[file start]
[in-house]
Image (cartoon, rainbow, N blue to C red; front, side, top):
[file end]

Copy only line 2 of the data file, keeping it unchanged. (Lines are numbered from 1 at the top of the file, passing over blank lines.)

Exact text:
Image (cartoon, rainbow, N blue to C red; front, side, top):